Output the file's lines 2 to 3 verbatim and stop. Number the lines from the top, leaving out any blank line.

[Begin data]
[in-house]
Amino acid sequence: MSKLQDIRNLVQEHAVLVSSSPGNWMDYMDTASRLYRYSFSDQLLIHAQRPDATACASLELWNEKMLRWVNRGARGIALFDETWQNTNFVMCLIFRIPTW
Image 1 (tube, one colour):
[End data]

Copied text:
Amino acid sequence: MSKLQDIRNLVQEHAVLVSSSPGNWMDYMDTASRLYRYSFSDQLLIHAQRPDATACASLELWNEKMLRWVNRGARGIALFDETWQNTNFVMCLIFRIPTW
Image 1 (tube, one colour):